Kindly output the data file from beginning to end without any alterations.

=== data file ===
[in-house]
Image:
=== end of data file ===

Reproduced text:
[in-house]
Image: